At present, IMPRODOVA research teams in our eight partner countries are harvesting the outcomes of an intensive phase of fieldwork.
Interviews with professionals from law enforcement, medical practice and forensics, and activists from non-government organizations have confirmed that among others, the 'human factor' of work with those affected by DV is of utmost significance. Aside from sufficient financial support and staffing, which are indispensable yet far from always guaranteed preconditions, in all segments of first responder organizations it is the competence and the high motivation of persons that create innovative response structures and functioning networks of interagency cooperation. Their engagement affects policies, protocols, and organisational structures at a strategic level (including specialist DV units and response teams).
Occasionally, the responses of our interview partners tackled the wider socio-cultural debates about domestic abuse, although they generally do not affect practitioners' everyday work. Recently, however, questions of DV interconnectedness have been raised in public debates. Research findings covered in a New York Times article indicate a link between mass shootings, as in Dayton and Orlanda, and misogynistic hate speech in the internet. Such hate for women cannot be understood within the scope of the 'usual suspect' explanation for shooting spree perpetrators, namely their mental illness. Mass shooting offenders have a 'history of domestic or family violence in their background' (Bosman et al. 2019). According to the article, so-called 'incels' (involuntary celibates), live out their fascination with firearms and emphasized masculinity. They define themselves as self-assigned victims of women who reject them. And thus, such males perceive their quest as legitimate execution of revenge against innocent women and men, namely 'normies', those who represent the normality which allegedly excludes them.
In the context of norms subordinating females, there is an ongoing public media debate about the interpretation of Holy Book passages. Modern exegesis contradicts an alleged traditional understanding that a husband may use physical punishment in order to discipline his wife (and children). Cultural anthropology research has frequently found that migrant communities use religion as an 'anchor' in new alienating societal surroundings. Also, such orientations tend to cultivate the most traditional, if not fundamentalist norms of their home country's religious orientations.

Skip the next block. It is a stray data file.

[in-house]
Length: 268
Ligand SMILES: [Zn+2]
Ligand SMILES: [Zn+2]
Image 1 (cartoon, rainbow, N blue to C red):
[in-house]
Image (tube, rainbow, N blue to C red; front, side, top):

In Munich, Germany, the website of a religious centre was criticized for text that recommended the use of physical disciplining for the 'non-obedient' wife. This has led to an outcry of public disapproval in serious media, radio etc. Whether this has resulted in the centre's withdrawal/rephrasing of the related content is not yet confirmed. This goes to show that democratic/human rights norms must be clearly communicated and enforced by civil society.
The alleged 'authority' of the husband and father within the 'rules' of 'traditional family values' has been intensely promoted by the church of Europe's neighbour Russia. There the Church influence was seen to support the country's ultra conservative politicians, so that decriminalization of domestic abuse went through the Duma. This concerns first battery offences among family members which are no longer sanctioned as criminal acts but as administrative offenses. In a country where four out of ten serious crimes take place in the family and where in one year nine thousand women were killed due to criminal assaults (with eleven thousand severely injured, 2013 data), a 'law reform' like this sends a dangerous message to perpetrators. You may bash your wife and your kids. As long as you don't break their bones and leave bruises, it is alright with God, and the law.
Does this represent a Russian mainstream attitude? According to recent surveys, the country's general population appears to disagree. Nearly 80% find domestic violence 'unjustifiable' (MacFarquhar 2018). And even the president, whose politics are often aligned with those of Russia's Church, fears that it is 'a short distance from slaps to beating' (Nechepurenko 2017). This points at the necessity to vigorously feed research based information about DV into society's mainstream and citizens' opinions and attitudes towards domestic abuse and DV victimization which is exactly one of IMPRODOVA's objectives.
by Joachim Kersten